Photograph by Guido Cozzi/Atlantide/Corbis
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Sumptuous frescoes of the "Last Judgement" by 16th-century painter and best-selling author (Lives of the Most Eminent Painters, Sculptors, and Architects) Giorgio Vasari fill the cupola of Florence's cathedral.

Photograph by Guido Cozzi/Atlantide/Corbis

Florence Must-Dos

Our experts recommend the top attractions in and around Florence—with advice on how to get the most out of your visit.

Piazza del Duomo

The heart of Florence; climb the bell tower for sweeping views; see the octagonal Baptistery with its three sets of gilded bronze doors; visit the Museo dell’Opera del Duomo, full of Gothic and Renaissance sculpture; and explore the Duomo, or cathedral, the city’s most iconic building. Fees at some sights.

Galleria degli Uffizi

“Allow enough time to savor the world’s greatest gallery of Renaissance art—and don’t forget to look up at the marvelous frescoed hallway ceilings.”—Louise Fili, author, The Civilized Shopper’s Guide to Florence. Countless Italian masterpieces, but also works by Rembrandt, Rubens, Van Dyck, and other leading European artists. Tip: Prebook tickets by phone or online. Fee.

Il Gelato Vivoli

“The city’s best gelateria, or ice-cream parlor, is Vivoli, near Santa Croce at Via Isola delle Stinche 7.”—David Gardner, proprietor, Baldovino restaurant and Hotel Villa Bordoni, Chianti. Tip: A cup, or tub (coppa), is better value than a cone (cono): Choose from different size tubs and remember you can ask for more than one flavor per tub. Tel. 39 055 292 334.

Santa Croce

Franciscan basilica in the east of the city; countless paintings and other works of art, including fresco cycles by Giotto; many illustrious characters buried here, including Michelangelo, Machiavelli, and Galileo. Tip: Admission to the church also covers the easily missed museum and Cappella dei Pazzi (Pazzi Chapel) next door. Fee.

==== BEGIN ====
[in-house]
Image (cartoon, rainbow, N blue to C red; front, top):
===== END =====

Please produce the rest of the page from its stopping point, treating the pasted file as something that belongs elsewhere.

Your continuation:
Museo Nazionale del Bargello

“Visit the Bargello even if you’re not a fan of sculpture, because it also has numerous beautiful rooms devoted to the decorative and applied arts.”—Sally Roy, author, AAA Italy Travelbook. Italy’s leading gallery of Gothic, Renaissance, and other sculpture; works by Michelangelo and Donatello. Fee.

Visit a market

“Don’t miss the Mercato Centrale, a vast covered market selling fruit, vegetables, olive oil, and dozens of other gastronomic treats.”—David Gardner. Tip: The Mercato Centrale is closed Sundays and after about 2 p.m. daily, except Saturdays in winter.

Cappella Brancacci

“The paintings here changed the course of art history.”—Luca Finardi, general manager, Hotel Helvetia & Bristol. Groundbreaking 15th-century fresco series by Masaccio and Masolino. Tel. 39 055 276 8224. Fee.

Santa Maria Novella

“Don’t miss the Cappellone degli Spagnoli, a soaring frescoed chapel alongside the church.”—Jonathan Buckley, co-author, The Rough Guide to Florence & Siena. The city’s second major church after Santa Croce; Masaccio’s 15th-century painting of a Maestà is one of the city’s most important; several ravishing Renaissance fresco series; excellent small museum.

Galleria dell’Accademia

Home to Michelangelo’s “David” and his four non finiti (unfinished) stone “Slaves”; also some paintings, including work by Botticelli. Tip: Arrive early to avoid long lines or prebook tickets through Firenze Musei. Tel. 39 055 294 883. Fee.

Cappelle Medicee

Crypt and chapels containing tombs of many of the Medici family; major sculptures by Michelangelo. Tip: Visit the adjoining Church of San Lorenzo (separate entrance) with its paintings and the tomb of Donatello. Fee.

Palazzo Pitti

“You’ll want to see the Galleria Palatina here, with much of the Medici’s former art collection, but don’t miss the adjoining Giardino di Boboli—it’s the best garden in the city.”—Anne Hanley, editor, Time Out Florence & Tuscany. Tip: Take advantage of combined tickets to see several museums within the palace.